Re: Economic Growth Assuming Machine Intelligence

Doug Bailey (
Mon, 5 Oct 1998 17:09:19 -0400

(btw, this is Doug from my home-based address)

Robin wrote:

>It is easier to get more variation in growth rates with endogenous
>growth models, and there is also less consensus on how to model
>endogenous growth. So to avoid the accusation that I cooked my big
>growth speedup implications, I choose to use exogenous growth.
>This may provide a conservative estimate of growth implications.
>But yes, it would be interesting to try the simplest endogenous
>growth model, which I think is the AK model.

That seems like a good reason to use exogenous growth. Thanks for the clarification.

>>What impact might a drastically increased
>>efficiency in capital utilization have on growth models? How would this
>>potential effect of AI-development be factored in to growth models?
>Unless you forsee particular reasons to expect a change in the *rate*
>at which such utilization becomes more efficient, this effect is already
>included in the standard models of exogenous growth.

I suspect machine intelligence would radically alter capital utilization on a variety of fronts. Machine intelligence with human-level cognitive abilities would allow corporations to replace human MBAs with intelligent agents capable of assessing scenarios faster and more thoroughly. Finance agents might develop extremely complicated but effective capital asset pricing models. Additionally, agents could constantly evaluate capital allocation strategies on division by division, region by region, product by product bases. The overall corporate capital allocation strategies could be tweaked as quickly as new real-time data could be acquired. Manufacturing would benefit from the increased diagnostic abilities of MI to tirelessly evaluate raw materials availability, price, and related costs; manufacturing capacity; marketing data; etc. resulting in optimized allocations of manufacturing assets. MI might enable more protean manufacturing processes to enable greater flexibility to respond to the new capabilities of market analysis. Similar processes could be applied to all areas of corporate capital (human, intellectual, information, etc.) to reap some increased utilization. I admit, attempting to determine the extent of efficiency increase is difficult, but I believe it is obvious that such increases would occur.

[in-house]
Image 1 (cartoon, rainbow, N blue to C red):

I'm just wanting to your pick your brain as to how such increased capital efficiency might be integrated into exogenous growth models and how this efficiency might ameliorate the effects of diminishing returns without using endogenous growth models. This effect seems the most palatable and obvious of the effects produced by the development of MI. Additionally, it might be savory enough to the finance gods of the corporate world to overlook whatever skepticism they might have of the feasibility of MI.

Doug Bailey